Mental Health Courts are facilities established to deal with arrests for misdemeanors or non-violent felonies. Rather than allowing the guilty parties to take responsibility for their crimes, they are diverted to a psychiatric treatment center on the premise that they suffer from “mental illness” which will respond positively to antipsychotic drugs. The assertion that criminal behavior is caused by a psychiatric problem and that treatment will stop the behavior has no evidence to support this false premise. It is simply another form of coercive psychiatric treatment.
In a review of 20 mental health courts, the Bazelon Center for Mental Health Law found that these courts “may function as a coercive agent – in many ways similar to the controversial intervention, outpatient commitment – compelling an individual to participate in treatment under threat of court sanctions. However, the services available to the individual may be only those offered by a system that has already failed to help. Too many public mental health systems offer little more than medication.”
There are clear indications that governments’ endorsement of mental health courts and “community policing” (as it is referred to in some European countries) will see more patients forced into a life of mentally and physically dangerous drug consumption and dependence, with no hope of a cure.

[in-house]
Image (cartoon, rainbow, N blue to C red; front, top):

Mental health courts, starting in the 1980’s and 1990’s, attempt to link offenders who would ordinarily be prison-bound to long-term community-based treatment, connecting with the Community Mental Health Centers system that was established in 1955. Mental health courts proliferated in the early 2000’s due to funding from the federal Mental Health Courts Program administered by the Bureau of Justice Assistance.
Community Mental Health Centers became legalized drug dealerships that not only supplied drugs to former mental hospital patients, but also supplied psychiatric prescriptions to individuals not suffering from any serious mental problems. Community Mental Health programs have been an expensive and colossal failure, creating homelessness, drug addiction, crime and unemployment all over the world.
For more information download and read the free CCHR booklet “The Real Crisis in Mental Health Today“.